em>By Youkyung Lee and Mari Yamaguchi, Associated Press /em> SEOUL, South Korea (AP) — The Winter Olympics coming to South Korea in February offer an example of the Olympian efforts often required to meet corporate sponsorship goals. Tokyo tells a different story: The coffers are already overflowing for the 2020 Summer Games. It's a tale of two cities and two Olympics — winter and summer. Pyeongchang is a little-known destination in one of South Korea's poorest provinces. It is the 'little town that could,' bidding twice unsuccessfully for the Winter Olympics before winning on its third try. A final push enabled it to reach its sponsorship target of 940 billion won ($830 million) in September, with just five months to go. Tokyo is an established global capital, and the Summer Games usually generate more excitement — and more money. Organizers have raised 300 billion yen ($2.7 billion) in sponsorship, twice any previous Olympics. International Olympic Committee Vice President John Coates describes it as a remarkable achievement. The divergent experiences of two Asian host cities illustrate the challenges that smaller bidders face, as well as South Korea's dependence on the big family-owned companies that dominate its economy. Not that Tokyo is home-free. The cost of the 2020 Games has nearly doubled from initial projections. As with most Olympics, taxpayers will have to foot a good part of the bill. ___ strong>WHERE 'CHAEBOLS' RULE /strong> Starting with the 1988 Seoul Olympics, South Korea has used mega-events such as the soccer World Cup to raise the profile of the country and its manufacturing exporters. Pyeongchang is different. The project was initiated by local politicians in an area long alienated politically and economically in South Korea's rise to prosperity. Some feared people would confuse the city's name with Pyongyang, the North Korean capital. They couldn't count on the automatic support of the huge family-run conglomerates, known as 'chaebol,' such as Samsung, Hyundai and LG. 'When such mega-events were the nation-state's key project, the chaebol were called on and were expected to become the leading participants,' said Joo Yu-min, a professor at the National University of Singapore who co-authored a book on South Korea's use of mega-events. In the end, the national government brought the conglomerates in, first in the bid process, and then for sponsorship. That underscores both the outsized role they play in the economy and their close ties with government. They owe a debt to special treatment from the government, which in turn used them to industrialize the country after the devastating 1950-53 Korean War. After Pyeongchang's bid was rejected a second time, the government called on Samsung and others to help. The president even pardoned Lee Kun-hee, the patriarch of the Samsung founding family who had been an IOC member but voluntarily suspended his membership after being indicted for tax evasion. The IOC reinstated Lee in 2010 with a reprimand and some restrictions, allowing him to lobby heavily for what became Pyeongchang's winning bid in 2011. It took three years for the organizing committee to sign its first domestic sponsor, KT Corp., the country's second-largest mobile carrier. Again, the national government asked the conglomerates for help. All the major ones signed on, after the office of then-President Park Geun-hye made a special request and multichannel pressures for financial assistance, Joo said. Elsewhere, companies may weigh sponsorship decisions based more on the marketing benefits. 'In South Korea, companies make donations out of a sense of duty that they are being part of the national event,' said Park Dong Min, the executive director overseeing membership at the Korea Chamber of Commerce and Industry. Sponsors who signed up late weren't willing to give as much, because there was less time to enjoy the marketing benefits. A bank that signed on less than a year before the Games significantly reduced its sponsorship. To top it off, a massive sports-related political corruption scandal rocked South Korea in 2016, just when Pyeongchang was making last-ditch efforts to raise sponsorship. 'Companies showed some reluctance' to sponsor the Olympics, said Eom Chanwang, director of the Pyeongchang organizing committee marketing team. 'Nevertheless, they still joined.' The scandal brought down Park, the president. Lee Jae-yong, the heir to the Samsung group, received a five-year sentence for bribery. Lee, who has appealed, had become de facto chief of the Samsung group after his father Lee Kun-hee, the IOC member pardoned in late 2009, fell ill. It was the younger Lee who signed an agreement with IOC President Thomas Bach to extend Samsung Electronics' sponsorship of the Olympics globally through 2020. Samsung declined interviews for this story. With the scandal still fresh in people's minds, major companies have held back from launching full-fledged marketing to promote the Games. 'Samsung traditionally has done consumer marketing through the Olympics, but because its chief is in jail, it cannot do as much these days,' said Kim Do-kyun, a sports professor at Kyung Hee University Graduate School of Physical Education. The Pyeongchang Games were the biggest victim of the scandal, he said. ___ strong>SUMMER OF '64 /strong> The president of Japan's biggest toilet manufacturer was seven years old when the Olympics first came to Japan. TOTO Ltd. made news in 1964 for its prefabricated toilet-and-bath units that helped speed the construction of a luxury hotel, the New Otani, in time for the Games. The company, now known for high-tech toilets that baffle some foreign visitors, is back as a sponsor of Tokyo 2020. 'I feel our company and the Olympics have been bonded by fate,' TOTO president Madoka Kitamura said at a sponsorship signing ceremony at the same hotel last year. The $2.7 billion in sponsorship for Tokyo 2020 is more than three times the original estimate. By comparison, sponsorship revenue was $848 million in Rio de Janeiro last year, and about $1.2 billion for both London 2012 and Beijing 2008. The Winter Olympics typically attract less, though Sochi, Russia, raised $1.2 billion in 2014. Analysts attribute Tokyo's success to both patriotism and a sense of nostalgia for the 1964 Summer Games. They were much more than a sports contest for Japan. They were a moment of pride, marking the country's return as an industrial power after the devastation of World War II and a seven-year U.S. occupation. 'All of Japan still recognizes the unique role that the 1964 Olympics played in Japan's stepping out onto the world stage,' said Michael Payne, a former IOC marketing director who now works as a consultant. 'Many of the CEOs of top Japanese companies would have been young kids back in '64 and are very aware of the role those Games played for the psychological recovery from the Second World War.' They grew up with the high-speed 'Shinkansen' bullet train, inaugurated in 1964; modern expressways and western-style toilets, all symbols of Japan's postwar economic growth. 'Now they have become business leaders, they want to contribute and leave something behind that can be remembered for the next 50 years,' said Masahiko Sakamaki, executive director of marketing for the Tokyo organizing committee. He said that memories of the recovery may have boosted interest in sponsorship, as Japan was still reeling from a deadly 2011 earthquake and tsunami when Tokyo won the bid in 2013. Sakamaki said the organizing committee started receiving sponsorship inquiries as soon as it was established in 2014, before the official start of sponsorship contracts in 2015. There is so much interest that the IOC is allowing Tokyo to have multiple sponsors in some categories, instead of the usual one, including in aviation, newspaper publishing, electronics and banking. TOTO officials won't say how much they are contributing, but media reports say companies in its sponsorship category give between 6 billion and 15 billion yen ($53 million to $133.5 million). Tokyo 2020 wouldn't comment on those reports. 'We believe our presence as part of an all-Japan effort toward a successful Olympics will enhance our favorable brand image,' said Mariko Shibasaki, the company's senior planner for sports communication. Thanks in part to robust sponsorship revenue, the organizing committee has increased its contribution to the cost of the games from 500 billion to 600 billion yen ($5.3 billion). The sponsorship revenue makes up half of the income in the privately-run organizing committee's operating budget. Other revenue comes from the International Olympic Committee, marketing and ticket sales. The overall cost of the Tokyo Olympics is estimated at 1.4 trillion yen (12.4 billion) with the Tokyo government shouldering 600 billion yen ($5.3 billion) and the remaining 200 billion yen (1.8 billion) paid by the national government and local governments hosting events. ___ em>Yamaguchi reported from Tokyo. Associated Press writer Stephen Wade in Rio de Janeiro contributed to this story. /em> .....»»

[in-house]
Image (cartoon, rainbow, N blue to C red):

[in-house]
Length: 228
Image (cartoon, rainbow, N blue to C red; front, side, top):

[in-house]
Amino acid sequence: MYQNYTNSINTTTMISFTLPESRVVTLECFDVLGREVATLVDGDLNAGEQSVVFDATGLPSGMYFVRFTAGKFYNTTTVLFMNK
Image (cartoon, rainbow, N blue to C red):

Category: sportsSource:  abscbnRelated NewsOct 12th, 2017